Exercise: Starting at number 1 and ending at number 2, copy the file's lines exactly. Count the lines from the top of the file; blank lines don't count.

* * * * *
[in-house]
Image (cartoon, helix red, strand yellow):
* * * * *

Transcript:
[in-house]
Image (cartoon, helix red, strand yellow):